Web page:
In this piece, besides working out the relative values in Payne’s Gray, I was also trying out a bunch of watercolor techniques. I was testing their value (no pun intended) for potential use in a more finished painting. Techniques like stamping, scribbling, splatter, scraping, and dancing brush strokes are all really important in watercolor. For a long time I was against using such watercolor "tricks." I'm still not sure why. Watercolor is about light, shape, and color. Artist/authors like Cathy Johnson and Claudia Nice have helped me understand these concepts much better. Now it’s up to me to keep practicing until my brush works with me as easily as my pencil and pen. :-)

Tuesday, October 12, 2010

Puka Dog

While on Kauai we were recommended to a gourmet hot dog joint near where we were staying in Poipu. It’s called “Puka Dog” and is something of a local institution.
Normally, I’m not one for hot dogs but this place was special. If you can believe it, my tropical hot dog was a polish sausage (they have meatless too) served with spicy jalapeƱo garlic lemon sauce, mango relish, and Lillikoi (passion fruit) mustard on a bun. As my Dad would say, it was delish! In fact, we liked the place so much that we ate there twice during our five-day stay. :-)
Here’s my on-site sketch of Puka Dog and the marker drawing I did after I got back. I had to do this sketch in markers as the actual place was so bright and tropical.
Fast sketch of Puka Dog Hawaiian Hot Dogs
Marker drawing from pencil sketch
 A big thanks to Haley and Amy for being such great company during our visit! Also to Amy for her great snorkeling recommendations. Mahalo Amy! 
Mahalo Amy!

Monday, October 11, 2010

My how time does fly!

I’ve been back for just a few days and already it feels like an age since I’ve blogged anything at all! Now that I’m unpacked and life is beginning to return to normal, I thought it high time to talk about my trip and what I learned artistically.

The main change I made while away was to always have my sketchbook and camera with me and be ready to sketch at a moment’s notice. No dilly-dallying! After 10 days of this treatment I actually started reaching for my sketchbook BEFORE my camera! It was a revelation to me. One I hope I'll continue now that I’m home! :-)

My Hawaii sketch kit. The smallest sketchbook, pencil holder, and plastic
container for my pencil sharpening shavings all fit in my purse.

A common site on the trip, my hat, purse, and sketchbook.
I thought I’d start my trip artwork posts today with the sketch and value study. We saw this clever goat near South Point on the Big Island of Hawaii. He/she was so cute I just had to sketch them and later do this small watercolor study. It was a very nice process that really helped understand the subject.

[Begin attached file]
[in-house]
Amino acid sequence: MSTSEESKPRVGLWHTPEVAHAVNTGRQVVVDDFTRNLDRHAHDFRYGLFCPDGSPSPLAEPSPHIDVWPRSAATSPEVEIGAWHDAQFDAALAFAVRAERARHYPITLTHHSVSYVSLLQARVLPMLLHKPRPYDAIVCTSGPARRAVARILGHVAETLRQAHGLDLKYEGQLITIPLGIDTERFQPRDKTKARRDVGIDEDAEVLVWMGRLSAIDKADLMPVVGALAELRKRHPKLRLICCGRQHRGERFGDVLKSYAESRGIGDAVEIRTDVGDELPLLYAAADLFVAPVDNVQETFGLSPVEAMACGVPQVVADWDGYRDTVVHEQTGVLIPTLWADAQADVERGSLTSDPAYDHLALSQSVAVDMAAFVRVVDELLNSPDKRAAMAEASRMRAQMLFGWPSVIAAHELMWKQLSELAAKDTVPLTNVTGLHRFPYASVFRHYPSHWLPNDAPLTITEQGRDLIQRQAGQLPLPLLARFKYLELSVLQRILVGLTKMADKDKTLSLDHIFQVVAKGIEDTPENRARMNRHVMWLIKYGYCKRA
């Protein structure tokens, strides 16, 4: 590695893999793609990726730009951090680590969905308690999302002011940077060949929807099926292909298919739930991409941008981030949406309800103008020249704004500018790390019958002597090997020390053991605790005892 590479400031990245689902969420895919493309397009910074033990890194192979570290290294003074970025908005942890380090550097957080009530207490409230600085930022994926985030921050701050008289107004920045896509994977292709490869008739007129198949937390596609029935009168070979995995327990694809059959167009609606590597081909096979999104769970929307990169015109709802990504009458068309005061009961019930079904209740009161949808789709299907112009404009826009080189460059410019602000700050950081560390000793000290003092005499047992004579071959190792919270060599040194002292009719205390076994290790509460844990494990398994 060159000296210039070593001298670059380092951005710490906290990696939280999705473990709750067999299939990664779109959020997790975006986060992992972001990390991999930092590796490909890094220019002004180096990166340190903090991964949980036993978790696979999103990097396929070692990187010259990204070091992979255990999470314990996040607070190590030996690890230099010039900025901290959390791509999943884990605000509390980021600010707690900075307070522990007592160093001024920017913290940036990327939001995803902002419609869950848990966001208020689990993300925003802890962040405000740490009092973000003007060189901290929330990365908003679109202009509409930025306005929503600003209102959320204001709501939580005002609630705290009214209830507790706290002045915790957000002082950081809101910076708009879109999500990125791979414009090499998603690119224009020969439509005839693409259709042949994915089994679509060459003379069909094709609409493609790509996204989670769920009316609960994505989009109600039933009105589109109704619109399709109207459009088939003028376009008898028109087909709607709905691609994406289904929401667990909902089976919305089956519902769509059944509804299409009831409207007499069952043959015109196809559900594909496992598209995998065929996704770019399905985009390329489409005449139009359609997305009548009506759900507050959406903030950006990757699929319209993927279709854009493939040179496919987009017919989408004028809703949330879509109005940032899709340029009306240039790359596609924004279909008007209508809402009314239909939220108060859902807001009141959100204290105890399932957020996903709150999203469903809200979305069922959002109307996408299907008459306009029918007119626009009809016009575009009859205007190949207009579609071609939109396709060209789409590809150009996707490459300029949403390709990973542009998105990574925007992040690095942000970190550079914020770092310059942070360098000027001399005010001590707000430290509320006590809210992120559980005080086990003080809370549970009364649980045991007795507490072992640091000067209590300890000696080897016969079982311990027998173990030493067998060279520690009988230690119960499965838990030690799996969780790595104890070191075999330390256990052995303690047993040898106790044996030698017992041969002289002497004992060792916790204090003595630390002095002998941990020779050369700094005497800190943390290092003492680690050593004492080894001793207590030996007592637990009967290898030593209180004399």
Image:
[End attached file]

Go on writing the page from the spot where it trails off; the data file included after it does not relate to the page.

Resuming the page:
This was a very quick study that took me between 5 and 10 minutes.
This watercolor value study was also pretty quick.
Sodalite Genuine on a cold press postcard.
I'm looking forward to doing more of these small studies (as well as more finished paintings) over the next few weeks.  :-)

PS. I had some trouble with my watercolor sticks while I was away. They tended to stick to the plastic palette I keep in my travel case. Most of the time they looked like this when I opened the box. :-(

A sad case...

Tuesday, October 5, 2010

Aloha from Kauai!

OK, obviously, I haven’t been able to post as much as I’d thought while on our  Hawaiian vacation. Both islands are beautiful but Kauai particularly so! What a beautiful spot. I have been drawing ceaselessly on this trip and have filled more than half a sketch book with drawings. I have also taken many, many photos for painting reference. I’m sure I have materials for thousands of paintings and we’re not done yet! :-) Due to time constraints about internet access, I’ve decided to wait until I’m home to post the majority of my sketches. But I just couldn’t resist posting this one. It’s a sketch of the fabulous Kilauea lighthouse and a photo of Matt and I, with drawing, at the spot where I drew the sketch. Really fun!

Matt and I at the Kilauea Lighthouse overlook
Sketch of the lighthouse from the overlook

PS. I love the fast sketching. It is so very freeing! I'm already starting to reach for my pencil BEFORE my camera. AMAZING! So far I have done one value study in watercolor following a fast sketch done on site. It's a great process and I can't wait to do more of it from sketches and photos when I get home. *weee!*